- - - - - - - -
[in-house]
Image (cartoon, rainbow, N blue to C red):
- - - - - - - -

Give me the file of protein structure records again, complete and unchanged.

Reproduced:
[in-house]
Image (cartoon, rainbow, N blue to C red):